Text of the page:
2023 is anticipated to be a more positive year for Malaysian equities, with a steadier market forecast compared to the expected decrease in GDP growth
by IFAST RESEARCH TEAM / pic MUHD AMIN NAHARUL
IN VIEW of lower foreign ownership and intact fundamentals, we remain constructive about the local equity market’s future growth. It is anticipated that 2023 will be a more positive year for Malaysian equities, with a steadier market forecast compared to the expected decrease in GDP growth.
2022 has been a challenging year for investors. It marks the end of the low-interest era, as the Bank Negara Malaysia (BNM) hiked the Overnight Policy Rate (OPR) rate four times in a row amid a five-year high inflation rate. At the same time, we have witnessed an impasse in the dramatic political developments in the recent 15th General Election (GE15). On the other part of the world, global macro paints the same daunting picture, driven by a potent mix of mounting fear over recession risks and intensifying geopolitical tensions among major economies.
Revised GDP and Unemployment Rate
For the Malaysian economy, we are still enjoying the benefits of the post-pandemic reopening, which has boosted domestic economic activity, as proven by the accelerating latest third quarter 2022 (3Q22) GDP at 14.2% year-on-year (YoY) (compared to a three-year average of 3.17% YoY). In the meantime, the market is recovering, despite a higher number of people in the labour force, with a 3.6% YoY unemployment rate (compared to a three-year average of 4.28% YoY).
It is encouraging to see the Malaysian economy growing at a rapid pace; however, we believe we are near the end of the rally. The recent GDP surprises were mainly contributed by the reopening catalysts coupled with the low base effect from the previous year. As we approach post-pandemic normalisation, the impact of domestic reopening benefits will start to diminish gradually. In addition, the challenging global environment will continue to be a headwind for the nation to grow significantly, as we have experienced this year.
Core Inflation Will Remain High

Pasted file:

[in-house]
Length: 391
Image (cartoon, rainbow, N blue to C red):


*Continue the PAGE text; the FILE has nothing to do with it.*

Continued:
Malaysia’s inflation rate has been well-controlled earlier in 2022 despite the sudden inflation spike in some of its regional peers, thanks to the government’s generosity in cash handouts such as Bantuan Keluarga Malaysia and fuel and food subsidies over the years.
However, the story has changed.
The previous Malaysian government led by the Perikatan Nasional (PN) announced the removal of ceiling prices for some daily necessities, while maintaining cash assistance policies. Even though the ruling party has changed to the Pakatan Harapan (PH)-Barisan Nasional (BN) coalition since then, we anticipate that the gradual subsidy removal policies will remain and will eventually switch from a blanket to a more targeted subsidy programme. The new government’s top priority appears to be striking a balance between social welfare, particularly for low-income groups, and ensuring sustainable economic growth to regain investors’ confidence in this undervalued country.
Large amounts of government funds have been spent to address the impact of the pandemic in 2020 and 2021. However, heading into 2023, we think the government is likely to pledge its fiscal discipline to control the widening fiscal deficit. As of the time of writing, Malaysia recorded a RM21.1 billion budget deficit in 3Q22, higher than its three-year average of RM18.2 billion coupled with a 70.6% debt-to-GDP ratio.
We anticipate a continuation of the cash assistance programme as we have seen in the previous Budget 2023, but with a lower amount or reduced frequency to minimise the government’s fiscal burden to some extent. However, in order to control the widening fiscal deficit, the abolished subsidies are unlikely to be reversed completely, even at the cost of sacrificing consumer welfare. While constrained household spending power may limit inflation growth to some extent, sticky prices including daily necessities and labour costs continue to be pillars that prevent inflation from falling drastically.